Don't Rush Me
Why are the 'civi' words important?
(Besides being part of the root word, civis)
March 30, 2011 - Last week I spouted off: Let's Get Rid Of All Newspapers, my headline screamed. It is an interesting world we live in, and sometimes this small-town (some would say small-minded) newspaperman has to step back and take a breath from all the running I need to do just keep from eating dust.
"Eating dust," you question?
Yep, eating the dust left in the wake of supersonic technology changes and the subsequent changing of the public's appetite for nanosecond fast news information. Folks these days want their "news" fast and on-line so they can go and gossip about it as fast as they can on their social networking webpages -- in effect, reporting themselves, what they have read somewhere else. Whether or not said information is accurate or hearsay or out and out lies, is well, up for anyone to debate.
When we report inaccurate information we gotta' put a correction, in print for all the world to read (and for some to gloat over).
As one who is trained to observe, digest and report, it has also been interesting to watch what folks want in their news and then what they do with it. Most disturbing is this: Readers want their news to match their own (many times preconceived) notions. We must report on how they saw something, versus, what we observed. If we don't there is hell to pay.
I know when we do it "right" because we get whacked from both sides of the political spectrum. We live in polarized times. You don't just live in a "red" or "blue" state, you live in red, blue (or pick your flavor) community, street or home. Even locally you are either with a certain group, organization or you are against it.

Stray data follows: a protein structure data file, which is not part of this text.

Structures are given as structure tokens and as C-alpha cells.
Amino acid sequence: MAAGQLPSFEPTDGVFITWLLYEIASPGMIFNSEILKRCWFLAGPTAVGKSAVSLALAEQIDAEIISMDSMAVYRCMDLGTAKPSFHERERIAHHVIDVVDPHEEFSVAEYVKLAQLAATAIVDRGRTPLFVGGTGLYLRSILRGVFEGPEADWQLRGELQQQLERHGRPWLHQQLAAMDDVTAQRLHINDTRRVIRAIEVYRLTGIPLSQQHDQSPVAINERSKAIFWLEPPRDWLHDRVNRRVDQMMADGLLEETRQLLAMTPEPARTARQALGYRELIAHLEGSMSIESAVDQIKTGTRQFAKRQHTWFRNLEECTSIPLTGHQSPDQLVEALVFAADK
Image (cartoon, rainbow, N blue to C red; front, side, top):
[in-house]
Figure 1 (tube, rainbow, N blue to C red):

People are either in all the way, or they are all wet Ė agree with me (whomever "me" is) or be publicly and vocally castrated.
"Oh Small-minded one," again you ask, "How can you spew such vile opinion? We of this goodly town are of His loins; His blood flows through our veins and is pumped by our pure-as-the-driven-snow hearts?"
Again, ever the observer, I have watched and silently, in the shadows, waited. I have also read the letters to our newspapers when we write, oh say on school financing. Letters come in packed with venom from all sides of a single issue . . . the patriots who want to guillotine the budget because it is bloated with fat; the bureaucrats who want to grow their way out of problems; and the folks in the middle who can only gravitate to one side or the other because they have been trained not to think for themselves or to believe that, with new information available, it is "ok" to change your mind.
Again, if we don't write the story lock-step in order, folks let us know, usually indignantly and not very politely, either (another by-product of technology run amok is the concept of manners, it is easy to be asinine when you can anonymously hide behind a computer keyboard.)
What I don't see is someone standing up and saying, "You know, Patriots, you are correct here, here and here. Bureaucrats, you are right here, here and here." Or, "You both are wrong, let us do this."
What is the word I am looking for? Ah, there it is -- civility. It has been lost, much to my chagrin. Lost too is the understanding of civics.
I knew the words were related, but not why. So, I went on-line (a good technology by-product) and typed in "Civility root word." Here is what I found:
"The root-words are civ and civil which come from the Latin civis (citizen)."
Why is that, civics, important? There is a quote on actor Richard Dreyfuss' website, www.thedreyfussinitiative.org, that says, "It is the knowledge of and effective use of, the tools of political power; of how to maintain and comprehend this democracy."
Dear Reader, what are your civic duties and why do I bring it up? I invite you to respond.
Drop me a line, Don@ShermanPublications.org
Don is Assistant Publisher for Sherman Publications, Inc. He has worked for the company since 1985. He has won numerous awards for column, editorial and feature writing as well as for photography. He has two, sons Shamus and Sean and resides in the area. To read archived copies of his columns, click on his name, just under his picture up top . . . He can be e-mailed at: firstname.lastname@example.org